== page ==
“It’s as if we voted for a black hole,” said Aisha Joozooph, 25, who sat in the office of a community trust that supports locals with concerns ranging from citizenship applications to job search. As a volunteer with the initiative, Joozooph also discusses Brexit concerns with community members.

Like her entire family and many of those she now advises, Joozooph herself voted to leave the E.U. last year. “We thought there was a plan in place — but there wasn’t. There are so many other issues that would require attention, but now everyone is just focused on Brexit,” said Joozooph.

For some time following the referendum, Theresa May attempted to avoid such a scenario. In her first speech as prime minister last July, she said she would prioritize “not the mighty nor the wealthy nor the privileged,” but rather fight the “burning inequality” in the country. May wanted to tackle the underlying concerns that led to the E.U. exit vote, rather than simply deal with its symptoms, it appeared.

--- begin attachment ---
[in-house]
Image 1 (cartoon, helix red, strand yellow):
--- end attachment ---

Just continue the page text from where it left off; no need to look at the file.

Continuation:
Now 11 months and one devastating general election later, May is facing a backlash for her policies, which some say represent the opposite of what she had initially promised.

The criticism of May has also realigned British politics. One year ago, the country was mostly divided between those in favor of staying in the E.U. and those who wanted to leave. But there is now a third group somewhere in the middle that wants to find a compromise. After 12 months of mostly bad news on the state of Brexit, Britain may not be ready to abandon the project — but is it ready to move on and try to find common ground?

Many younger voters now believe that if they cannot stop Brexit, they should at least attempt to soften it. Despite a record youth voter turnout in the general elections earlier in June, few supported the only party willing to stop the exit from the E.U., the Liberal Democrats. Instead, many former “Remain” voters opted for the Labour Party, which has stated that it wants to pursue a less radical departure from the continent.